and marketing of food. With the consistent and complete surveillance of the whole
chain kept in one hand, the highest level of food safety could be implemented.
Moreover, the consistent food chain surveillance suited an even wider managerial
system, with respect to the fact that the Office provided the surveillance of
plant production, animal breeding, as well as it fulfils the task of genetic value
maintenance. Thus, we should speak about the validity of the “from the genetic
resources to the table” view, instead of the “from the soil to the table” one.
Direct Contact with the Producers
There were approximately 4900 civil servants working for the Office. A significant
part of the professionals in agricultural management work in the country, while
less than 25% of them were employed in the centre, in Budapest.
The Office provided direct contact with the regional producers in the fields
of plant- and animal health, forestry and agricultural management. Certain subsidisation
and other issues were also handled locally. In the rural organizations there were
Agricultural Extension Agent networks operating (650 members), where our colleagues
provided professional consultation, and inform the farmers about the conditions
of current aid opportunities, as well as help filling in the application forms
necessary for subsidisation. The Agricultural Extension Agents perform the justification,
the setting and the control of certain agricultural aids.
Wide scope of authority
Regarding the fact that the organization is responsible for the extensive authority
activities of the whole agriculture and food industry, hereby, its activities
can only be roughly outlined.
In the frames of its basic agricultural managerial duties regulated by a dedicated
statute, the CAO’s responsibilities were as follows:
Plant production, animal breeding and conservation of genetic resources;
The national approval of plant varieties, and qualification of plant reproductive
Plant health control of vegetative reproductive material and seeds;
Wine management, wine control and wine qualification;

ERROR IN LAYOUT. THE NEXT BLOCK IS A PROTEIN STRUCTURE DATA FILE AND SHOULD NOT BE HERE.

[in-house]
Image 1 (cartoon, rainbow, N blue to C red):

Wild game management and fishing;
Management, forest asset protection, timber production and related services;
Agricultural product marketing;
Agricultural environmental protection, plant protection, soil protection;
Quality control of fruit and vegetables and approval of pesticides and regulators;
Animal health, animal welfare;
Feed safety, feed hygiene and feed quality;
Food hygiene, food safety and food quality;
Veterinary medicinal products;
Post-slaughter qualification of slaughter animals;
Water management for agriculture;
The operational organization and control of the agricultural market rules and
Land administration and authority affairs are also carried out, regulated by
a dedicated statute.
The international relations of the Office are varied; besides the fact that it
fulfils its task as a national authority, its activities extend to the duties
in international organizations as a member country. It has bilateral agreements
with the assigned partner authorities as well as it participates in international
comparative trials and tests and professional information and experience gathering
or in education and organization of education.
The employees of the Office personally participate in the managerial boards,
secretariats and working groups of international organizations. We carry out mutual
examinations with more countries, in the frames of cooperation contracts. We also
have agreed upon the mutual exchange of results, the improvement of experimental
methods and the initiation of new examination technologies.
As an example, we can mention the professional management of the internationally
recognised, premium quality Hungarian seed production, and that Hungary has played
an important role in the formation of the European and the international legislative
environment since 1923: it is the founding member of the European Seed Association
(1923), the International Seed Testing Association (1924), member of the OECD
Seed Schemes (1968), UPOV and CPVO.
The establishment of the National Food Chain Safety Office
The CAO and the former Hungarian Food Safety Office were integrated into a new
office establishing the National Food Chain Safety Office on 15th March 2012.
From then on, the NFCSO operates as a legal successor of the CAO and the HFSO
incorporating all aspects of the food chain safety supervision into one single